How To Prepare For High Altitude Skiing

by Frank V. Persall

If you are reading this, it's highly probable that you're contemplating high-altitude skiing. Keeping yourself in good shape at altitude can be the key to getting the best out of your vacation. So, if you are looking for how to prepare for high altitude skiing, we've got you covered.

Every year, people make out the time to go on ski vacations. The picture that they have of these vacations is usually perfect but one thing that they seem to neglect is the altitude. If you have not acclimated to high elevations, you need to be wary of any ski resorts that exceed 8,000 ft. Some people may not feel the effects of high elevations depending on where they reside but we cannot say the same for everyone. This is especially true if you live at sea level.

Man Skiing At A High Altitude
Man Skiing At A High Altitude

The reason is that there is a 25% reduction in how much oxygen you can access at 8,000 feet. Since you will be breathing air with less oxygen, you have a high risk of suffering problems like headaches, shortness of breath, fatigue, and nausea, as well as dizziness, and loss of appetite. In worse cases, high altitude skiing could lead to altitude sickness.

How Long Does It Take To Adjust To High Altitude

Acclimatization is the key to adjusting to high altitudes. But you might require a couple of days or weeks for your body to adapt to higher elevations. People who are not used to high altitudes will likely experience something that feels like a hangover. This is what is known as altitude sickness.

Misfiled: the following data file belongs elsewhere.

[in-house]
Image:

Can You Get Altitude Sickness From Skiing?

Lots of visitors who are used to lower elevations might end up experiencing altitude sickness. These cases are self-limited most of the time and will resolve after acclimatization. If you suffer altitude illness, you are likely to experience fatigue, nausea, shortness of breath, as well as sleep disturbances and headache. After 24 hours, these symptoms usually worsen but start to diminish after 4-5 days. One of the most effective ways of remedying altitude sickness in its mild form is adequate rest. But other ways of treating the condition are as follows -

  • Keep yourself hydrated. The process of acclimatization usually comes with the loss of fluid which is why you should drink more fluids to help your body stay hydrated.
  • Since respiration diminishes while asleep, it can act to worsen the symptoms of your condition. So, engage in light activity during the daytime.

    ● Steer clear of alcohol and tobacco, as well as any form of depressant drugs.
  • Wait until you become fully acclimatized before engaging in vigorous exercise. Avoid any
    activities that need you to use up lots of energy. Rather than use medications, limiting exertion can help.

How Do You Prepare For High Altitude?

Dealing with high altitude can be achieved through acclimatization but this is more a long-term approach. If you can dedicate the time to get set for your trip, you'll be better off eventually. There are some pieces of training that you can take up before your trip. These training areas may last anywhere from 6 weeks to 12 weeks but they will help you prepare your body and mind for high altitude skiing. Here they are: